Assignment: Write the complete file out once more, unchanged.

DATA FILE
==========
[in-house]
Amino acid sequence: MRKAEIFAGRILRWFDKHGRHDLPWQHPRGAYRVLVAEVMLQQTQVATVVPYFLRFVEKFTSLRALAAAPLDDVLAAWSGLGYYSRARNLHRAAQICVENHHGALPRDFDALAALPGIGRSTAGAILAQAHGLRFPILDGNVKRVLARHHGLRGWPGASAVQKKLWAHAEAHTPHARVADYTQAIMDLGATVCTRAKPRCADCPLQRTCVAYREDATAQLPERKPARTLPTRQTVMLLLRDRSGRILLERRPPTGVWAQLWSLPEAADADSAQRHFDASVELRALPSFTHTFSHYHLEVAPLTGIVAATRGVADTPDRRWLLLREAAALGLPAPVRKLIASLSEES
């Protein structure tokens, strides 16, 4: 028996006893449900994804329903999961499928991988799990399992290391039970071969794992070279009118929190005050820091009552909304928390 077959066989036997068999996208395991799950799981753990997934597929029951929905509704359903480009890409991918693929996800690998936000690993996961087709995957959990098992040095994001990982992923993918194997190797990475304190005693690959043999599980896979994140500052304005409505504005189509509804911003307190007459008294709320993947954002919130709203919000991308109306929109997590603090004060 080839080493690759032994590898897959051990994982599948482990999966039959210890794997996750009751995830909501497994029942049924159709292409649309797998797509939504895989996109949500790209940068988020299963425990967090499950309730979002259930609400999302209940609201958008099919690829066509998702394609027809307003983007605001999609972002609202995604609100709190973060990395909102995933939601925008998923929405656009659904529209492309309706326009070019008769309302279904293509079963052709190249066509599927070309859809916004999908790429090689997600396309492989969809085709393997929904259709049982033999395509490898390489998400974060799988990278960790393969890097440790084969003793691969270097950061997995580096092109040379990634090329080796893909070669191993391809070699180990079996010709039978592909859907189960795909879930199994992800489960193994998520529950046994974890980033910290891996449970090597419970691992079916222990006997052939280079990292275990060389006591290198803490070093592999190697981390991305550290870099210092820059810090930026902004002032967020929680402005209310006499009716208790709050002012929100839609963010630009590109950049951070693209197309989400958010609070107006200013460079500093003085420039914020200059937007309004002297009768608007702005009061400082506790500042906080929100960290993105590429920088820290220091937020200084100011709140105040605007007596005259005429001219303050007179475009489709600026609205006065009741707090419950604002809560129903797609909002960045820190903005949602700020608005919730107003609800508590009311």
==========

[in-house]
Amino acid sequence: MRKAEIFAGRILRWFDKHGRHDLPWQHPRGAYRVLVAEVMLQQTQVATVVPYFLRFVEKFTSLRALAAAPLDDVLAAWSGLGYYSRARNLHRAAQICVENHHGALPRDFDALAALPGIGRSTAGAILAQAHGLRFPILDGNVKRVLARHHGLRGWPGASAVQKKLWAHAEAHTPHARVADYTQAIMDLGATVCTRAKPRCADCPLQRTCVAYREDATAQLPERKPARTLPTRQTVMLLLRDRSGRILLERRPPTGVWAQLWSLPEAADADSAQRHFDASVELRALPSFTHTFSHYHLEVAPLTGIVAATRGVADTPDRRWLLLREAAALGLPAPVRKLIASLSEES
């Protein structure tokens, strides 16, 4: 028996006893449900994804329903999961499928991988799990399992290391039970071969794992070279009118929190005050820091009552909304928390 077959066989036997068999996208395991799950799981753990997934597929029951929905509704359903480009890409991918693929996800690998936000690993996961087709995957959990098992040095994001990982992923993918194997190797990475304190005693690959043999599980896979994140500052304005409505504005189509509804911003307190007459008294709320993947954002919130709203919000991308109306929109997590603090004060 080839080493690759032994590898897959051990994982599948482990999966039959210890794997996750009751995830909501497994029942049924159709292409649309797998797509939504895989996109949500790209940068988020299963425990967090499950309730979002259930609400999302209940609201958008099919690829066509998702394609027809307003983007605001999609972002609202995604609100709190973060990395909102995933939601925008998923929405656009659904529209492309309706326009070019008769309302279904293509079963052709190249066509599927070309859809916004999908790429090689997600396309492989969809085709393997929904259709049982033999395509490898390489998400974060799988990278960790393969890097440790084969003793691969270097950061997995580096092109040379990634090329080796893909070669191993391809070699180990079996010709039978592909859907189960795909879930199994992800489960193994998520529950046994974890980033910290891996449970090597419970691992079916222990006997052939280079990292275990060389006591290198803490070093592999190697981390991305550290870099210092820059810090930026902004002032967020929680402005209310006499009716208790709050002012929100839609963010630009590109950049951070693209197309989400958010609070107006200013460079500093003085420039914020200059937007309004002297009768608007702005009061400082506790500042906080929100960290993105590429920088820290220091937020200084100011709140105040605007007596005259005429001219303050007179475009489709600026609205006065009741707090419950604002809560129903797609909002960045820190903005949602700020608005919730107003609800508590009311």